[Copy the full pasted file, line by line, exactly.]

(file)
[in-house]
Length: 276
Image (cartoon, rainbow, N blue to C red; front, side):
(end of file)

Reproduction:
[in-house]
Length: 276
Image (cartoon, rainbow, N blue to C red; front, side):